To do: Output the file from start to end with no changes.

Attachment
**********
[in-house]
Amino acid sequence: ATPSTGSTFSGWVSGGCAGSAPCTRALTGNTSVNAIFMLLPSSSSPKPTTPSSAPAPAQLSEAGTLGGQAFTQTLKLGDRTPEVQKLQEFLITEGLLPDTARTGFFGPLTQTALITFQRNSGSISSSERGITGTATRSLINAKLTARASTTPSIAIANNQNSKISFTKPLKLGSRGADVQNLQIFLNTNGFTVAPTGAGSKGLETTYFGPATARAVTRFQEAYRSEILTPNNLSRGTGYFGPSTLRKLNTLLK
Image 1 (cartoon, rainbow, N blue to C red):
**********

[in-house]
Amino acid sequence: ATPSTGSTFSGWVSGGCAGSAPCTRALTGNTSVNAIFMLLPSSSSPKPTTPSSAPAPAQLSEAGTLGGQAFTQTLKLGDRTPEVQKLQEFLITEGLLPDTARTGFFGPLTQTALITFQRNSGSISSSERGITGTATRSLINAKLTARASTTPSIAIANNQNSKISFTKPLKLGSRGADVQNLQIFLNTNGFTVAPTGAGSKGLETTYFGPATARAVTRFQEAYRSEILTPNNLSRGTGYFGPSTLRKLNTLLK
Image 1 (cartoon, rainbow, N blue to C red):